Skip to main content

Lyme Disease

Lyme disease is the result of a bite by a tick and is associated with three different species of ticks. The clinical manifestations associated with Lyme disease are described as variable in severity as well as result in a diverse number of characteristics that affect a multitude of body systems. The manifestations are divided into three key phases: 1) Early Localized Disease 2) Early Disseminated Disease 3) Late Lyme Disease 

  • Early localized disease is notable for the distinct skin lesion, erythema migrans which is typically apparent within a month from the initial bite. It is important to note that not all erythema migrans are the characteristic "bullseye" lesion but all have a notable amount of erythema and often vesicular lesions in the central portion of the lesion. The classic "bullseye" rash is notable for central clearing with a distinct spot of necrosis in the center of the lesion. Data shows that up to 80% of patients present with this integumentary system manifestation. During this phase, there may be associated symptoms that are similar to viremia. 
  • Early disseminated disease characteristics include multiple erythema migrans lesions and cardiac and/or neurological findings. Cardiac findings are rare but may include heart block, cardiomyopathy, or pericarditis. Neurological findings are predominant and range from mild findings like headache to meningitis or nerve palsies. The highest reported manifestation involves the musculoskeletal system and include migratory arthralgias. Essentially any body system can be involved at this stage so the clinician should also be aware for involvement in the lymphatic system, liver, kidneys, as well as ocular findings. 
  • Late Lyme disease highlights the persistent arthralgias which can involve the large joints, particularly the knee joint, and other neurological findings such as encephalopathy or polyneuropathy. The timeline for the development of late Lyme disease is variable and can precipitate months to years following the acute infection. 

Of note is the long-standing clinical symptoms that can persist following primary treatment for Lyme disease. Symptoms of fatigue, headache, cognitive strain, and arthritic pain may be reported for months following treatment and is called post-Lyme disease syndrome. This phenomenon can last for 6-12 months and the criteria for this syndrome includes confirmed diagnosis of Lyme disease, treatment with a recommended regimen, as well as persistent subjective symptoms (>6 months) despite therapy. Referral to a Lyme disease specialist is recommended to assess for complications like synovitis or neurological symptoms that interfere with quality of life or functionality. Additionally, it is not recommended to continue long-term antibiotic therapy in patients with post-Lyme disease syndrome and has been linked to increased mortality in some cases.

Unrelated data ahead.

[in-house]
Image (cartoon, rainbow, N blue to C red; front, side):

The CDC has recently published new guidelines for diagnostic testing for Lyme disease and can be found by clicking here. Prior to testing the clinician should assess for the following to guide the need for diagnostic investigation: 1) Risk of exposure 2) Clinical manifestations as previously described that may indicate that the patient is experiencing symptoms from one of the three phases of disease. Testing is not recommended for patients that present with nonspecific symptoms or those that live in an endemic area which remain asymptomatic


Of note, the clinician should not perform serologic testing during the early localized disease stage or following treatment during the early phase when only erythema migrans is present. The clinical application regarding this guidance is related to the fact that antibodies have not likely developed and could lead to a false-negative result and halt or delay treatment. Two algorithms are available and are dependent on the availability of the testing within each clinical setting. 1) Traditional: EIA or IFA followed by a Western blot if the first result is positive (recommended for suspected late disease) 2) Two sequential EIA (recommended for early disease detection). Caution: The IgM Western blot testing is susceptible to false-positive and the progression of disease is an important component to interpretation of this diagnostic study. It is not recommended to interpret the IgM but rather the IgG when interpreting these results. It is important to note that not all patients seroconvert but several do; therefore, it is not recommended to repeat antibody testing due to the lack of knowledge of how long antibodies persist. Reinfection can occur and should be suspected if a patient with prior history of Lyme disease presents with a new onset of erythema migrans within a new calendar year. However, data shows that reinfection with Lyme disease is less likely for those patients that developed Lyme arthritis and thought to be connected to the higher antibody titer which holds longer immunity.

Differential Diagnosis

  • Chronic fatigue syndrome
  • Fibromyalgia
  • Myofascial pain syndrome
  • Polymyalgia rheumatica
  • Hypothyroidism
  • Inflammatory myopathies
  • Chronic traumatic encephalopathy